Barnum on “Humbugging & Puffing”

Barnum on “Humbugging & Puffing”

Barnum Humbug
Barnum is the centerpiece of this 1851 cartoon “Hum-Bug” by Henry Louis Stephens. (Wikimedia Commons)

P.T. Barnum’s honesty is one of the attributes we most often hear our visitors question: “Wasn’t he scamming people, making money from hoaxes?” Well, not exactly. Yes, he made money, but his intentions were not mean-spirited and deceitful.  Though we see the occasional present-day media writer characterize Barnum as a scoundrel or charlatan—a dishonest showman—that view is simplistic and fails to take into account what much of popular entertainment was about in Barnum’s day.  Hoaxes and humbugs were not the same thing—the former being akin to a cruel trick—and Barnum was firmly planted in the latter camp of providing entertaining amusements.  Moreover, he wanted people to be curious and to exercise their intellect in debating whether a thing was truly a wonder of nature or a fake.  So, what does the man himself have to say on the subject of humbugging and puffing?  Barnum’s letter from Toulouse, France, to “Friend Stuart” (C. D. Stuart) in New York tells us plenty.

Barnum's American Museum
Barnum’s American Museum can be seen at the left of this 1848 color aquatint and etching by Henry A. Papprill (after artwork by J. W. Hill) titled, New York from the Steeple of St. Paul’s Church, Looking East, South, and West. In the 1850s, Barnum expanded the museum to incorporate and enlarge the tan building to the right. (Image courtesy of the Metropolitan Museum of Art)

Mr. Stuart had recently returned from Detroit to the American Museum in New York to assist Barnum’s manager, Fordyce Hitchcock.  Barnum wrote to Stuart on September 11, 1845, pleased to know he had returned, for,

I am convinced that you can help my interests there very much, with your talent for scribbling, puffing and humbugging, the last named species of talent being particularly requisite for our line of business, for as the Lord does not work miracles now-a-days—and as the people are determined to see miracles wrought & are willing to pay for them too—of course it is our duty as well as pleasure & profit to perform said miracles, or rather pretend to do so which is quite as well provided the thing is managed adroitly.  Let “humbug” then be the motto, but do not confound that charming and valuable science with the stupid catch-penny impositions of the day, which bear the stamp of falsehood upon their brow, & make each victim exclaim, ‘”curse the rascal [–] he has cheated me.”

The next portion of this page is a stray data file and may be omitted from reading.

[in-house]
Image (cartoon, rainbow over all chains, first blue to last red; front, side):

Barnum wanted to be certain that Stuart thoroughly understood what he meant by an “honest” humbug and its desired effect on the audience:

A genuine humbug consists in making a man feel that he has got the worth of his money—that he has seen wonders such as could not be found elsewhere on the face of the earth—that those wonders must have cost the “enterprising & liberal proprietor” many sleepless nights & oceans of gold—and that in fact and in truth the beholder of the humbug is much indebted to the owner thereof for having kindly permitted him (by paying for it) to behold this precious sight, whatever it may be.

Barnum further advised Stuart, “A humbug to be profitable must be such an one as will bear puffing, for although you may by puffing get persons once to visit a palpable humbug—they will neither visit it, nor its owner twice.”  Of course, it was one thing to acquire the perfect humbug, but its success was quite dependent upon the right formula of promotion.   “Scribbling and puffing,” and “soft-soaping” influencers (i.e., giving free tickets) were essential, and the humbug had to hold up to a fair degree of scrutiny and expectations so that continued promotion would not fall flat.  Barnum humorously instructs Stuart on the art of puffery:

Having secured the proper humbug, the first thing to be done is to puff it, and in these days of universal & scientific puffing, very much depends upon the manner of conducting this branch of the business.  The plain out-and-out direct editorial puff is little better than an advertisement—and but little better.  The puff indirect, or puff oblique—the puff served up as the French serve up all their viands, smothered in sauce & gravy—is the best kind of a puff.  If you gild it with a covering of science—cover it with an anecdote or half-smother it in poetry—it is all very well.

Barnum goes on to explain why the “sauce & gravy” were so important, as he imparts a marketer’s wisdom.  “The public is a queer fish, and no ‘fish’ which is up to snuff will bite at the naked hook—much depends on procuring the proper bait—more depends on placing the bait properly on the hook.”

In addition to asking Stuart to promote the Museum and its attractions in the New York City papers, Barnum also suggested he send his “scribblings” to newspaper correspondents outside of the city, and to be sure and send occasional free tickets.  Stuart had apparently caught the showman’s attention with his talent for lively and convincing descriptions.  Encouraging him to promote the newly-acquired Dissolving Views, he wrote, “You are a poet—I am not, and therefore you can do these things—I cannot.  Still, I am like the man who drew the picture of a whale—he had never seen one but he knew how one [looked].”  Sixteen years later, Barnum would, in fact, be showing live Beluga whales in his American Museum—a “first”—and that was no humbug!

Adrienne Saint-Pierre,
Barnum Museum Curator